The Clarion Project focuses on stopping the threat of Islamic extremism through its research, education and activism, and by its support of Muslim reformers who fight Islamism. The distinction between Islam and Islamism is that Islamists advance a political doctrine of sharia, through non-violent or violent means, as a form of governance that is incompatible with the U.S. Constitution and American values. There are movements and cults within the U.S., many of them Islamist, that plan attacks and seek to overthrow the U.S. government.
A recent bizarre case involved a group of relatives of radical imam Siraj Wahaj, listed by prosecutors as a possible unindicted co-conspirator in the 1992 World Trade Center Tower bombing, that formed an Islamic cult in New Mexico. Wahaj’s grandson, a disabled toddler living with his mother, had been abducted by Wahaj’s son, the child’s father, who believed the boy was possessed by demons, a popular belief in Islam. Insistent that medicating the toddler to keep him alive demonstrated a lack of faith, Wahaj’s son and the cult followers planned on performing an Islamic exorcism. By the time authorities traced Wahaj’s grandson to the cult’s New Mexico compound, the toddler, deprived of his medications, had died. The cult members believed the child would be resurrected to reveal targets for attacks. It is also known that children on the compound were being trained to commit school shootings in anticipation of the cult’s apocalyptic prophecies.
Furthering public outrage, the judge in the case, citing a lack of evidence by the prosecution, ruled that cult members posed no threat to the community and ordered their release on a signature bond which carried a $20,000 penalty if they failed to appear for trial. Although the judge also ordered ankle bracelets and house arrest, both have proven ineffective in reducing flight risks in similar situations. Fortunately, additional charges were filed against the five adults to prevent their release.
While different cults have similarly planned violent actions based on claims that they are fulfilling prophecies, the media have shown a double standard when reporting on Islamist cults. Another Islamist cult, Jamaat al Fuqra, has established 22 Islamic villages across the U.S. Now known as Muslims of the Americas, the group has proven popular with the African-American prison convert community since the 1980s. The cult follows a Pakistani leader, Sheikh Gulani, who lives lavishly while his followers live in poverty.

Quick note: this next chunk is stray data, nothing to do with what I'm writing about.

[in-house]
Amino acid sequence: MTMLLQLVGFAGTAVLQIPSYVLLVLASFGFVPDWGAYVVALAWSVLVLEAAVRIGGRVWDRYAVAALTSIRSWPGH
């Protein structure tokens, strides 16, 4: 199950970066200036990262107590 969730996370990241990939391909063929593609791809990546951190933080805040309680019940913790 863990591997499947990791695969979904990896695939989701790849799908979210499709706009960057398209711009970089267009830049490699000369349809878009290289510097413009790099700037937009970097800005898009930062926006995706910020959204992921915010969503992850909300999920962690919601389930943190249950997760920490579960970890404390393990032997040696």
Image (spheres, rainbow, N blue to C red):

It is reasonable to expect that in the future, other groups will employ similar strategies in order to build an infrastructure and generate funds, either by conducting criminal activities like welfare and food stamp fraud, or by indoctrinating followers to believe that poverty brings them closer to Allah. Group members who are willing to impoverish themselves to prove their faith hand over a percentage of earned wages to unscrupulous and deranged cult leaders who hide evidence of their activities from law enforcement.
The New Mexico case provides insight into the mentality of cult members who kept children malnourished in their belief that such deprivation was a proof of faith. The Wahaj cult is one unfortunate example of a leader interpreting fiqh, Islamic doctrine, at the expense of his followers.
Summary accounts by Marilyn Stern, Communications Coordinator for the Middle East Forum